It happens to the best of us. We go to bed with bog dreams of the monstrous amount of things we will accomplish the next day. We wake up and whether, by design or happenstance, we find ourselves stuck and unable to motivate.

It is an interesting paradox because, on the one hand, we know that it is good to stay motivated. Work out (even if you don't feel like it) do the things we need to do, even if there is a complete and utter lack of motivation. Accomplish the goals that we set forth for ourselves regardless of the little or no driving force behind the task.

However, there is the flip side. The voice that says "do you need to do it if it doesn't bring you joy?" or "by resting I am engaging in self-care" which is also critically important.

So which is it? Which mantra do we live by when we are faced with the overwhelming feeling of doing nothing, being lazy, and sitting there scrolling our phones all the while beating ourselves up for not doing anything.

Is there a right answer? Should we always just get up and complete our tasks? Should we not succumb to the urge to do nothing? How do we decide?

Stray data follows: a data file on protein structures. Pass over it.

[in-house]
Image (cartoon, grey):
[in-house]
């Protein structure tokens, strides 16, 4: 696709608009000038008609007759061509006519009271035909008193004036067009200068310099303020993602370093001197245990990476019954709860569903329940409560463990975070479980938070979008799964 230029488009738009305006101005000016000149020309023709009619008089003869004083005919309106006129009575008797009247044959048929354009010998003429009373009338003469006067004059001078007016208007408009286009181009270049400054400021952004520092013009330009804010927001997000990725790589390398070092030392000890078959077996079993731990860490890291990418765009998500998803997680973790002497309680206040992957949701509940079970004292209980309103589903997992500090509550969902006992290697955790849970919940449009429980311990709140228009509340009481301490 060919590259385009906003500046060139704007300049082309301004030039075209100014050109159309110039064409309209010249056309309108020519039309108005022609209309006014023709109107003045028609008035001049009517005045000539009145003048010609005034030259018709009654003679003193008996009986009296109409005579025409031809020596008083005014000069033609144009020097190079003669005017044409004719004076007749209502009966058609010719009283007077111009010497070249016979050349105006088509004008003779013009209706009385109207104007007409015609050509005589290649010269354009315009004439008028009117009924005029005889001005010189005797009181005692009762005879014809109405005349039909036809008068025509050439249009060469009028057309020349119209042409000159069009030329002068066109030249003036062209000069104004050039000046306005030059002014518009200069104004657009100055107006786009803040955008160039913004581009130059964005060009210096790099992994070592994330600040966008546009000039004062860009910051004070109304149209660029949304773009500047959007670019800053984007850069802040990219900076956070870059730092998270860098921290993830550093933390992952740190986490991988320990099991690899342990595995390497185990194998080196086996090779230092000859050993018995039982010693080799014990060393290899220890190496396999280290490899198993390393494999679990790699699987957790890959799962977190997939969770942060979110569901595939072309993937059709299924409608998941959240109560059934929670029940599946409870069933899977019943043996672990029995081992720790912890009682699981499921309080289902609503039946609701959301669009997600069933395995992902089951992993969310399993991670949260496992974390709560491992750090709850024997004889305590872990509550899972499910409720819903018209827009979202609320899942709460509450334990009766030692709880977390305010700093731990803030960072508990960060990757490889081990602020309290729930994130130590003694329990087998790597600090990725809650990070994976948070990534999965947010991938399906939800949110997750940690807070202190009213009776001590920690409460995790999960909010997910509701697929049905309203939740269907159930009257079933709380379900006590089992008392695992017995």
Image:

I have been on both sides enough to understand the quandary. Although there might not be a right answer, maybe we can gain perspective by looking at it in the following way.

I would suggest that if you are needing a "self-care" or "mental health" day then you take one, but schedule it. Do not let it be the bi-product of a lack of motivation or else you could spend the day mentally agonizing over all the things you are not doing. If you are in need of some restorative care, make a plan, mark the day, and give in knowing that this was planned and is critical to your success.

On the other side, if it is not a planned day and your motivation is just not present, try re-framing the day. If you have multiple things to do that day but they seem overwhelming, try just picking one task to complete. You do not need to cross everything else off your list to be successful. Just one task can help with the feelings of accomplishment. Often, they also have the effect of "getting the ball rolling" and once the task is done, you find some small amount of motivation to maybe accomplish another. Regardless, it is a small victory because you did overcome your lack of motivation to complete a task.

Those days that are hard, they should not be viewed in black and white. It is not complete all tasks or no task. It is not a win or loss. It is ok to not do it all and still be happy and satisfied with doing something. Because, at the end of the day, one step towards the finish line is better than remaining seated at the starting line.

Be kind and good to yourself.

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